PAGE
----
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Contact: Katie Lawhon, 717-253-5776
Contact: Sgt. Anna Rose, 202-556-9181
Gettysburg – Gettysburg National Military Park is commemorating the three-day Battle of Gettysburg anniversary on July 1, 2, and 3, with a series of free hikes, walks and talks that discuss, explore, and reflect on this important turning point in the American Civil War. The public is invited to join Park Rangers and Licensed Battlefield Guides during these programs that mark the 154th battle anniversary in Gettysburg, Pennsylvania. Programs take place throughout the battlefield, in the Soldiers’ National Cemetery, and at the Museum and Visitor Center.
Numerous programs are offered throughout the day and include something for visitors of all ages. Learn about the men who enlisted and why; explore folklore surrounding McPherson’s Ridge and Seminary Ridge; find out why Union and Confederate leaders made the decisions they did; look at Pickett’s Charge through the eyes of African American history; gain a better understanding of how 27,000 wounded soldiers were cared for; visit the family activities and hands-on history station at the Gettysburg National Military Park Museum and Visitor Center; and learn unique perspectives on the battle from Park Rangers at an hour-long campfire presentation in the evening. Details and times are available here.
“Even after 154 years, the Battle of Gettysburg remains one of the pivotal events in American history. Being on the battlefield over the three –day anniversary is a profoundly moving experience,” said Bill Justice, acting park superintendent. “The National Park Service is honored and proud to be able to share this amazing place and this uniquely American story with our visitors.”
Traffic is expected to be heavy throughout the park and especially along Taneytown Road throughout the weekend. Drivers and pedestrians are asked to be mindful of each other at crosswalks.
Parking & Transportation
Parking signs will guide visitors to open parking areas. “Gold Line” shuttle busses from the visitor center run regularly to transport visitors to nearby sites. During peak demand, visitors may be directed to park at the Outlet Shoppes at Gettysburg and board a free shuttle bus to the Gettysburg National Military Park Museum & Visitor Center.
Prohibited Items and Activities
Click here for specific details.
- Grills are allowed in the picnic areas only.
- Alcohol is prohibited.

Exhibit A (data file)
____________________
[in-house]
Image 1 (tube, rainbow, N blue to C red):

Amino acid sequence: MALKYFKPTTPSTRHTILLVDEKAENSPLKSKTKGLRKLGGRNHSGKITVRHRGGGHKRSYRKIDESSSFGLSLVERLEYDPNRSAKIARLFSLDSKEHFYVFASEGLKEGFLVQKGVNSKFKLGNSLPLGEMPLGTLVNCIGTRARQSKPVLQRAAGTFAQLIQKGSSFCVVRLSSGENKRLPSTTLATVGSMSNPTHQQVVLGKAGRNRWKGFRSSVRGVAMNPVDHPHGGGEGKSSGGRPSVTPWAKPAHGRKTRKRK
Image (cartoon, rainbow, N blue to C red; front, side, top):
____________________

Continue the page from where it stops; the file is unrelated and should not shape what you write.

- Launching, landing or operating unmanned or remote controlled aircraft on National Park Serviced property is strictly prohibited.
- It is strongly recommend that pets be left at home.
- Visitors may possess and carry firearms within Gettysburg National Military Park in accordance with federal, state, and local laws. Federal law prohibits firearms in certain park facilities and buildings. These places are marked with signs at public entrances. All visitors should be aware of and follow applicable firearms laws of the State of Pennsylvania.
- No firearms or pets are permitted in the Museum and Visitor Center.
- The Soldiers’ National Cemetery has special restrictions: no pets and no bikes.
First Amendment Activities
The National Park Service has granted special use permits for first amendment activities on July 1. Three of these events will take place north of Meade’s Headquarters along the west side of Taneytown Road between 10 am and 6 pm. A fourth group will be conducting a commemorative march along West Confederate Avenue on from 10 am to 1 pm.
“As custodians of land owned by the American people, the National Park Service has a responsibility to make that land available for exercising those rights,” Justice said. “As with any first amendment activities, Gettysburg National Military Park’s objectives are to provide for public safety, minimize impacts on historic resources of this park, and afford visitors an enjoyable experience.
Gettysburg National Military Park preserves, protects and interprets for this and future generations the resources associated with the 1863 Battle of Gettysburg, during the American Civil War, the Soldiers' National Cemetery, and their commemorations. Learn more at www.nps.gov/gett.